2018 Chevrolet Silverado 1500 Expert Review

4.2 Overall Score
Performance 3.9 Comfort 4.1 Styling 4.0 Value 4.0

Editor's Overview

The 2018 Chevrolet Silverado offers up all the ruggedness and capability you demand from a full-size truck, but in a more conservatively styled package than you get from Ford, Ram and others. Inside the Silverado you'll find trim levels ranging from comfortable-but-basic to all-out luxury in the High Country models.

You'll Like The 2018 Chevrolet Silverado 1500 If...

With an enormous range of options, features, trims, bed and cab sizes, you can order a 2018 Chevrolet Silverado in just about any configuration you can possibly imagine. If you want to drive a truck, and not make a fashion statement, the Silverado's conservative styling will likely be appealing.

You May Not Like The 2018 Chevrolet Silverado 1500 If...

The Chevy Silverado is resolutely mainstream, so if you're looking for advanced powertrain and construction, the F-150 and its aluminum structure and turbocharged V6 engines are more cutting-edge. The Ram 1500 and Nissan Titan offer a diesel engine. The Chevy Colorado is less expensive, surprisingly capable and offers a diesel engine.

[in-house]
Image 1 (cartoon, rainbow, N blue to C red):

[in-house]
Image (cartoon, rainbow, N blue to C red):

What's New

A host of modest changes graces the 2018 Chevrolet Silverado. The mild-hybrid eAssist package is now available nationwide on LTZ and LT models, the tire-pressure-monitoring system includes a fill alert that tells you when you've reached the right pressure, and the rearview camera is now standard.

Interior Features

Base models of the 2018 Chevy Silverado benefit from the same sensible layout, ample storage, and nicely textured plastics as the rest of the lineup. That's not to say there aren't benefits for paying more; move up the trim ladder and you'll get even higher-end materials, and the top-of-the-line High Country lays on the luxury nice and thick. Beyond creature comforts, there are three cab sizes to choose from: traditional regular cab, a double cab with some extra space behind the front seats, or the crew cab, which can seat up to six in surprising comfort.

Exterior Features

Like any modern truck, the Chevy Silverado boasts rugged and distinctive exterior styling. Yet it doesn't go overboard, instead presenting a relatively conservative face to the world compared to its sometimes garish competitors. Granted, the Silverado LTZ grille is a big chunk o' chrome, but the rest of the lineup is more tasteful and subdued. The High Country offers a more luxurious take on the full-size pickup, and it looks the part with generous -- but tasteful -- uses of chrome. Unlike the F-150, the Silverado doesn't offer a built-in stepladder, but it does offer an optional rear-bumper step.

Driving Impressions